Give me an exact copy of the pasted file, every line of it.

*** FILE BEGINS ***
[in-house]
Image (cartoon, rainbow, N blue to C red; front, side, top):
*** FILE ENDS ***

[in-house]
Image (cartoon, rainbow, N blue to C red; front, side, top):